Dancing the Dance – in Life and in Writing
When artists talk about “flow,” they mean that slightly euphoric state in which the act of creation seems to happen without effort. The rest of the world falls away, and the barrier between artist and art dissolves. Ease, serendipity, and synchronicity collide in a perfect storm of inspiration that bears the touch of the muse and even an element of magic. Flow transforms work from a heavy trudge into an airy dance. Everything you do feels at once delightfully improvised and beautifully choreographed. Things click. The stars align.
When your writing feels more like a battle than a ballet, you may find it difficult to believe that this kind of harmonious productivity exists; but it does. I promise. One way that I restore my belief in this kind of creative bliss is to practice noticing when similar moments of harmony and alignment occur in my everyday life:
- When a parking spot opens up just as I’m pulling into the lot
- When the Petco coupon arrives in the mail just as I’m heading out to buy kitty kibbles
- When the chicken, potatoes, and zucchini that I’m cooking for dinner are all done at exactly the same time
- When a client pushes a meeting out, rescuing me from what was going to be a crazy-busy day
- When I find the exact item I was looking for at the flea market (like today’s treasure – a beautiful, early 1900s library filing cabinet made of tiger maple)
They are small things, no doubt, but they are nonetheless examples of how the universe sometimes conspires to make my day a little easier. Each one of these moments renews my faith in the possibility of stumbling into a state of “flow” – both in life, and also in my creative work. Though it may not happen as frequently as I’d like, it’s nice to know the potential is always there.
What I’m Reading:
Today, a favorite from my picture book collection – The Whisper (Amazon affiliate link), written and illustrated by Pamela Zagarenski. I first came across Zagarenski’s artwork in a small boutique somewhere along the coast of Maine. I fell instantly in love with her work, which is at once whimsical and mystical. I bought a collection of cards, each one seeming to be telling an entire story in a single image. (I still have the cards; I’ve never been able to part with them.)
I have several other books illustrated by Zagarenski including a couple poetry collections and the beautiful Sleep Like a Tiger, but I wanted to share The Whisper because it holds special relevance for storytellers. In the book, a teacher loans a magical book to a little girl who loves stories. The little girl takes the book home only to discover that the words have fallen out of the book and the pages are filled only with beautiful pictures, but no stories. But, then she hears a whisper,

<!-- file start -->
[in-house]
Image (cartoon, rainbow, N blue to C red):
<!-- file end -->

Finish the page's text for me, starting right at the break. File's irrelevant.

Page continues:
“Dear little girl, don’t be disappointed.
You can imagine the words.
You can imagine the stories.
Start with a few simple words and imagine from there.
Remember: beginnings, middles and ends of stories can always be changed and imagined differently. There are never any rules, rights, or wrongs in imagining – imagining just is.”
The rest of the book features beautiful, double-page spreads of Zagarenski’s gorgeous artwork and the opening lines of possible stories. The first one is called Blue Bear’s Visit and begins, “Blue Bear arrives on the first day of spring. He promised …” And then the reader is left to fill in the rest of the story.
This is a perfect book for any emerging storyteller – young or old. You can’t help but be inspired by the imagery and cast of characters who roam the beautiful landscapes in Zagarenski’s visions. Just gorgeous.
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My Favorite Blog Reads for the Week:
- Writing Wednesdays: The Magic of TK by @SPressfield
- Write The Heart Of Your Story. Tips For Writing Emotion with @cjlyonswriter via @thecreativepenn
PUBLISHING & MARKETING
- How to Choose a Blog Topic That’s Pre-Programmed for Success by JAson Garcia
- Time to face the music: you need a business model to make it as an artist by @jccabel
- 3 Common Marketing Fallacies That Writers Need To Be Wary by @DanBlank
- Beat Writer’s Block with Grimms’ Fairy Tales by Jeff Elkins
- How to Overcome Imposter Syndrome as a Writer by @mdilloway
THE WRITING LIFE
- The Art of Paying Attention by @sarahrcallender
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Sundry Links and Articles:
Speaking of art that might inspire stories, I wanted to also share a recent series of charming pieces by Jamie Ridler. I’ve been following Jamie for years on social media, and we’ve talked once or twice via Skype. She does wonderful work around building a creative life, and I just fell in love with this latest collection of pieces called Wonderfill Forest. (Even the name is fabulous!)
Aren’t they so evocative? I feel like there’s such an undercurrent of mystery and magic at play in these images.
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Finally, a quote for the week:
Here’s to Sunday afternoons, art that inspired stories, and the possibility of finding artistic flow when you least expect it.
Jamie Lee Wallace Hi. I’m Jamie. I am a content writer and branding consultant, columnist, sometime feature writer, prolific blogger, and aspiring fiction writer. I’m a mom, a student of equestrian arts, and a nature lover. I believe in small kindnesses, daily chocolate, and happy endings. Introduce yourself on Facebook, Twitter, Instagram, or Pinterest. I don’t bite … usually.